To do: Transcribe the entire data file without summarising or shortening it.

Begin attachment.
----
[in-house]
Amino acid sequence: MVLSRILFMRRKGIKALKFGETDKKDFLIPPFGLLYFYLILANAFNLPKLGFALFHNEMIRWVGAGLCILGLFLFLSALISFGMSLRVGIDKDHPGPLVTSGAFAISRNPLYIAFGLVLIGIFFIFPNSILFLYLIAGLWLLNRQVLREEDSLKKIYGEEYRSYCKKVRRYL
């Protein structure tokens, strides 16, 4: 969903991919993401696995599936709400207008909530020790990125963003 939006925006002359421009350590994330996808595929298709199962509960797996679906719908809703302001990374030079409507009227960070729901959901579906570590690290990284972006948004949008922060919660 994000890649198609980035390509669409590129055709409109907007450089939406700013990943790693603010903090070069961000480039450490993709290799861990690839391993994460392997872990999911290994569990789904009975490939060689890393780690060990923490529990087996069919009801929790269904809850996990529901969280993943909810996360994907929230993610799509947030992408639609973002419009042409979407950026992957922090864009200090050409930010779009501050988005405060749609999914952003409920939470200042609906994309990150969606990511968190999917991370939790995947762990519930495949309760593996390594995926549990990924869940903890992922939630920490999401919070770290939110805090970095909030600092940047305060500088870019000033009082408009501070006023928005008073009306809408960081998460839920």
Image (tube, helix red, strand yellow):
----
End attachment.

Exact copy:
[in-house]
Amino acid sequence: MVLSRILFMRRKGIKALKFGETDKKDFLIPPFGLLYFYLILANAFNLPKLGFALFHNEMIRWVGAGLCILGLFLFLSALISFGMSLRVGIDKDHPGPLVTSGAFAISRNPLYIAFGLVLIGIFFIFPNSILFLYLIAGLWLLNRQVLREEDSLKKIYGEEYRSYCKKVRRYL
């Protein structure tokens, strides 16, 4: 969903991919993401696995599936709400207008909530020790990125963003 939006925006002359421009350590994330996808595929298709199962509960797996679906719908809703302001990374030079409507009227960070729901959901579906570590690290990284972006948004949008922060919660 994000890649198609980035390509669409590129055709409109907007450089939406700013990943790693603010903090070069961000480039450490993709290799861990690839391993994460392997872990999911290994569990789904009975490939060689890393780690060990923490529990087996069919009801929790269904809850996990529901969280993943909810996360994907929230993610799509947030992408639609973002419009042409979407950026992957922090864009200090050409930010779009501050988005405060749609999914952003409920939470200042609906994309990150969606990511968190999917991370939790995947762990519930495949309760593996390594995926549990990924869940903890992922939630920490999401919070770290939110805090970095909030600092940047305060500088870019000033009082408009501070006023928005008073009306809408960081998460839920």
Image (tube, helix red, strand yellow):